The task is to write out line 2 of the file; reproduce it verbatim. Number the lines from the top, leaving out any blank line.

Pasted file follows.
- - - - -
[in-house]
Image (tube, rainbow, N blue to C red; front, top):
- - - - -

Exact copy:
Image (tube, rainbow, N blue to C red; front, top):